I just saw the band Bloc Party last weekend at the Riviera in Chicago, and they were stellar. They strutted on stage and played with a swagger either I had not seen or did not notice when I saw them a few years ago at Congress Theatre. They played with a determination and fierceness that was captivating, and enhanced even further by their light show. The band mixed tracks from their newest album, Four (appropriately named given that it is the band’s fourth studio album), with some of their classic hits such as “This Modern Love,” “Hunting for Witches,” “Banquet,” and the closing “Helicopter.” For anyone not familiar with the British band, start with their debut album, Silent Alarm, released in 2005 and certified platinum the following year. It is one of my favorite albums of all time and announced the band’s arrival on the music scene. Between 2009-2012, the band was on hiatus after the release of their third album, Intimacy, but they have come roaring back with some unfinished business, and I, for one, am glad they’ve returned.
The other night I watched The Cabin in the Woods, probably one of the most non-conventional horror films you will ever see. Seeking to turn the horror genre on its formulaic head, producer Joss Whedon (wrote and directed The Avengers and creator of the TV series Buffy the Vampire Slayer) and director Drew Goddard (written episodes for Buffy, Alias, and Lost, and wrote the movie Cloverfield) do just that. You know this is not going to follow the same old script several minutes in when the movie opens with this grand, sweeping, foreboding music juxtaposed against a number of haunting pictures/images, and then suddenly, the music abruptly cuts out, replaced by two office drones standing at the coffee machine. The two workers, played by veteran actors Bradley Whitford and Richard Jenkins, lead an “operation,” one of several occurring around the world, where they manipulate and control the environment surrounding a secluded cabin in the woods where five college students are vacationing. Using mood-altering drugs that reduces the group’s intelligence and compels each of them to follow a script that could lead to their doom, we learn that this is a kind of blood ritual done to appease the Ancient Ones. Also starring Chris Hemsworth (Thor) and Sigourney Weaver (Ripley!), this movie has it all: a clever and unique script, abundant parodies of the horror genre, gallows humor, heart-dropping scares, and a plot that focuses on gods and monsters, human or . . otherwise.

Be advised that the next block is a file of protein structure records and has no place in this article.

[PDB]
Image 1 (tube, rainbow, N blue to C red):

Last weekend I took my son to my buddy Jason Matsumoto’s Japanese-American drumming ensemble, Ho Etsu Taiko, as they celebrated their 15th anniversary. The group was founded in 1997 at Chicago’s Midwest Buddhist Temple, and under the guidance of Jason’s parents, Ho Etsu Taiko blossomed from a youth group to an adult performing ensemble. The group brings a passionate energy to its live shows, mixing traditional Japanese musical styles while dipping into a vast range of contemporary music, developing a unique Chicago sound with global roots. Played at an intimate venue, my son and I were blown away by their skill and talent on display.
Last month I made one of my frequent pilgrimages to Alpine Valley in Wisconsin to once again see my boys Phish, and as usual, they did not disappoint. For those who have never been, I recommend checking out one of the best jam bands (and in my opinion bands) of all time. With their vast catalog of songs (primarily originals, but also some stellar covers – they played Led Zeppelin’s “No Quarter” the second night), inspired improvisation, dazzling lights, and penchant for never playing the same set twice, a Phish show truly is a transcendent experience. This was over my 40th time seeing them (I’ve lost count), and even after two hiatuses and around twenty-five years of touring, the boys are as dialed in as ever on account of a less grueling tour schedule and more time between shows. All four band members (Page McConnell, Trey Anastasio, Jon Fishman, and Mike Gordon) are amazing musicians and when they are all locked in to each other and the groove, it is absolutely mesmerizing. And there is no better outdoor venue than Alpine Valley, with its breathtaking views from the top of the monster hill and excellent acoustics, I cherish and appreciate every journey to this sacred shrine. Below are two of my favorite Phish tunes that they played during the weekend, “Harry Hood” (an Alpine staple they played the first night) and “Maze” (which they shredded on the second night).